“We see innovation all the time in the regions – innovation is not just a city word or a city thing – innovation is happening out in our regions consistently as well.”

Senator Nash said he said the additional $60m to the mobile phone blackspots program and $220m in total contrasted to six years of Labor where “not one cent” was spent on the initiative,

“And that just shows the disregard that the Labor party has for the regions – there is a stark contrast and a stark choice for the people of Australia to make on the second of July,” she said.

Vodafone Australia has also pushed a social media campaign ahead of the July 2 election urging regional voters to push their local MPs and representatives to support the program and modernise regional telecommunications services.

Vodafone Chief Strategy Officer Dan Lloyd welcomed the $60m commitment saying said unreliable mobile coverage and lack of competition was hurting regional and rural Australia including farmers.

He said the $220m won’t fix all of the mobile black spots in regional and rural Australia but would start to address the “mobile class divide” which exists between those areas and the major cities.

“We would like to see whichever party wins the July 2 election, commit to a permanent and expanded Mobile Black Spot Program as soon as possible,” he said.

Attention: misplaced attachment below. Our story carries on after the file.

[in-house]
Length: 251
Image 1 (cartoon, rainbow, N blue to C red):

A Telstra spokesperson said the Blackspots Program offered great opportunities to bring mobile coverage to people and communities who currently have none.

“With the nation’s largest mobile footprint and as the first carrier to bring 4G mobile services to regional Australia, we are acutely aware of the challenges facing communities living with limited access to a mobile network,” the spokesperson said.

“We are rolling out mobile base stations to 429 black spots under Round 1 of the Program and we have already delivered new and improved mobile coverage to a number of communities in just a few months.

“We welcome any further opportunities to connect more Australians.”

Colin Bettles

Colin Bettles

is the national political writer for Fairfax Agricultural Media
Date: Newest first | Oldest first


25/05/2016 1:15:03 PM

How come we have black spots with satellites? I thought line of sight problems should be ground based, considering how high up the alleged satellites are supposed to be, the angles don't make sense. I call it a FLAT EARTH win.
25/05/2016 5:10:36 PM

Why did we have to wait for an election to get something that should be just a basic service nowdays?
Philip Downie
27/05/2016 9:33:37 AM

Fiona Nash was interviewed and asked about lack of funding for this after the budget. Said govt didn't have the money what a turn around on a few weeks later.